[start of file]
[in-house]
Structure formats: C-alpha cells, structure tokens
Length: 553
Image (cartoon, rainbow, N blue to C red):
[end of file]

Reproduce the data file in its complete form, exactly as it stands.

[in-house]
Structure formats: C-alpha cells, structure tokens
Length: 553
Image (cartoon, rainbow, N blue to C red):